Sometimes I enjoy taking photos that show how things change over time. The schoolhouse from the Ryan’s Daughter movie is one such subject that has caught my attention.
On this wonderful awe inspiring peninsula in 1968 a film crew from MGM descended to make a movie, directed by David Lean, which, though not immediately popular with the critics, became a huge box office success. Many local people were extras in the movie, or worked in some capacity for the film company and still have many memories and stories of the events of that time. Imagine how exciting it was to the people in an area which, at that time, in spite of its exceptional natural beauty was economically struggling. The exposure of this marvellous place to a wider world contributed greatly to the increase in visitors the Dingle Peninsula has enjoyed over the years since then.
Most of the set built for the story was destroyed when filming was finished, but the schoolhouse still remains, in an increasingly ruinous state, perched on the coast of Dunquin and with marvellous views of the Blasket Islands. Most visitors don’t even know it’s there. The name Kirrary National School still to be seen there means nothing to most people. (Kirrary was a fictitious place.) There has been talk of restoring the building. That could be interesting.
Since I started to prepare this blog I discovered that there is another wordpress blogger who has written on this topic. For more in depth information and images of the schoolhouse from the time of filming, see SMcP Blogfeast’s very interesting blog:
You can check out this on Wikipedia:
Also to see more images from the Dunquin area of the Dingle Peninsula please visit my website:
Here are some photos taken in October this year (2015) as well as some taken in September 2013. As you can see the timbers have now been ripped from the roof with the storms that have raged since.
On the path coming down Mount Eagle, the views are stunning. Here you can see Dunquin and the Island of Inis Tuaisceart, (The Sleeping Giant) one of the islands of the Blasket group, off the coast of the Dingle Peninsula, South West Ireland.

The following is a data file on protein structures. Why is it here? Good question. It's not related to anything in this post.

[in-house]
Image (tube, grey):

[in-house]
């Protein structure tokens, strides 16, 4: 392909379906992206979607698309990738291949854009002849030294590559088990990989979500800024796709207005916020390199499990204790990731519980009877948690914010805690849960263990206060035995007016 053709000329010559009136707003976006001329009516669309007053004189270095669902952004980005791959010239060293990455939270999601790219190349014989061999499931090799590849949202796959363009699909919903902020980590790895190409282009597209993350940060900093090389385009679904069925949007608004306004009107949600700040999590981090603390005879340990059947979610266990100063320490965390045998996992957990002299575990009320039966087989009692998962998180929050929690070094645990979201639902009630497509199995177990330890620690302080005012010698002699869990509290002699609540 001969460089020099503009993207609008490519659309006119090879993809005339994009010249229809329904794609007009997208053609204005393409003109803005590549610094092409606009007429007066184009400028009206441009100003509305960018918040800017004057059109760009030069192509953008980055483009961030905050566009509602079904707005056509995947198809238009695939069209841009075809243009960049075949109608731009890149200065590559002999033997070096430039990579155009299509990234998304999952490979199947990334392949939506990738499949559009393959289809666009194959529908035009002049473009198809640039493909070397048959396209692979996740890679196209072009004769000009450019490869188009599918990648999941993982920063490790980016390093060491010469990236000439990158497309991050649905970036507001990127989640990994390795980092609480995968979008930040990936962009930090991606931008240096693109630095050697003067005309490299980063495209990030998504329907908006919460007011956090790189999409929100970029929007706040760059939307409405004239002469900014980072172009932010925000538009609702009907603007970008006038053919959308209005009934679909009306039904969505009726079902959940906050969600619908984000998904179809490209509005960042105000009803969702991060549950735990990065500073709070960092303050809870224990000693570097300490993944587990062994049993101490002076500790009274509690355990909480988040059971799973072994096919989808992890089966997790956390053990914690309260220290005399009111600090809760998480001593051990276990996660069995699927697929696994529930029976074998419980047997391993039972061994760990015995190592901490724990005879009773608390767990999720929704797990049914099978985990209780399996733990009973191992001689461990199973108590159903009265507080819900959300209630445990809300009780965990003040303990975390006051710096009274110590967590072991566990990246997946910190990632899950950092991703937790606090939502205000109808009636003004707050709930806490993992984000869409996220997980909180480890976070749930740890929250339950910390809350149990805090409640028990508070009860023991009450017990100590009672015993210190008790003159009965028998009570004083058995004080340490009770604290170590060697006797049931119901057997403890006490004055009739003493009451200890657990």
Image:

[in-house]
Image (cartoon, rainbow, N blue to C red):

Please check out my other Dunquin photos on http://helene-brennan.com/tag/dunquin
There are stunning views of Dunquin to be seen from the path up Mount Eagle. Please do check out my other images of Dunquin on this tag http://helene-brennan.com/tag/dunquin
Wild and fearsome – yet magnetic and compelling – the wild Atlantic waves at Clogher Beach. Dingle Peninsula, South West Ireland. More of my seascape photos on my website: http://helene-brennan.com/tag/seascape+photos
You may notice that just I love the West of Ireland Sunsets. This is Ballyheigue Beach, my current regular walking spot, on which I have taken hundreds of photos, but each one is different. That is the wonderful thing about this climate; it offers something new every day.
I am still struggling with a frustratingly slow Internet connection speed, so my posts are now infrequent, but I expect things will improve in a few months time.
Thanks a million to you bloggers who have liked my posts and apologies that I have not been able to access many blogs to view and like them. It’s taken at least half an hour to get this far with creating this post. In order to avoid wasting so much time I go and wash up, make a cup of tea or play my flute while waiting for pages to load!
More photos from Ballyheigue on my website http://helene-brennan.com/c110-north-kerry
I would like to take this opportunity to wish a VERY HAPPY NEW YEAR to all bloggers and all others who view this. Thanks you for taking the time to view my post. May all good things flow to you this coming year – and always!
I was very honoured to be asked for my photo of the Fields of Dunquin from Mount Eagle to be displayed on the front cover of a book of selected poems by Máire Mhac an tSaoi, who is a well renowned poet. This is a beautiful book, all the poems are in English and well as Irish, and well worth a read.
The photo is available on my website http://helene-brennan.com/dunquin-fields-from-mount-eagle512
This photo was taken in the late evening sun on the longest day this year. It was a perfect evening with an almost clear sky. It was great to enjoy the long hours of daylight to the last minutes of the setting sun. I’m a little late posting this – but better late than never!
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